Crocheting a Rug from Scrap Fabrics

I have a rather large fabric collection. We decided to paint our new bathroom a pumpkin color. It looks very nice, but hard to match for accessories. So, I decided to crochet a rug using my left over fabric.

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I researched it on the web and found different ideas and patterns. I chose to cut my materials into 1 inch strips and use a Q crochet hook. I am half way through and it looks great. It's a pain to sew the strips together, but so much better then throwing the fabric out!

By Diane from Adirondacks, NY

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April 14, 20090 found this helpful

Cut a small slit near the ends in both pieces of material that you intend to sew together. Then pull the material from one strip thru the slit in the other about 1/2 inch. Now take the other and pull it thru the slit in the first one. Pull tight and you wont have to sew them.

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February 25, 20130 found this helpful

Great idea. Or if you crochet, just start with an oval, circular or square base and make it as you go. When you are done, you are done! Let us know how it turned out, okay?

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This link will show you tons of ideas, and if you click on the images, you can more easily see what idea you want to emulate. Good luck!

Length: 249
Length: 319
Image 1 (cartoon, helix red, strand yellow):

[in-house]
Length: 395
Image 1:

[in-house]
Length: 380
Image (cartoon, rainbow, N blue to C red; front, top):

https://www.goo  1024&bih=677

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July 30, 20170 found this helpful

The slits idea is a good one. But, if you absolutely don't want a "connection" bulge, all be it small, I have a suggestion.

Get some stitch witchery's "fusible bonding web" and take the time to melt them together. They are super durable and I just lay the glue on the bottom end of the fabric, then lay the top end on top, hold the iron on it and then 2 seconds later, pull the roll away and you are ready for another graft. Hope that helps!!

DRITZ-Stitch Witchery Fusible Bonding Web is regular weight and can be used for hems trims and belts. Offers the home sewer and crafter new and innovative ways to finish projects neatly and professionally. Bonds 2 layers of fabric together when activated by a steam iron. Machine washable and dry cleanable.

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July 11, 20180 found this helpful

I am going to try the stitch wichery. I used the slit method when I turned an old sweatshirt into a lovely round hot pad, and after a few washings, the slits split open and I had holes.

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I was very disappointed as the thickness and shape were perfect. This sounds like a good use for the small scraps of the wichery that I wouldn't be able to use for anything else! Thanks for the suggestion, Sandi!

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July 11, 20180 found this helpful

I have seen videos where people cut sluts in the ends of fabric strips and just link the pieces together by passing through the slits instead of sewing!

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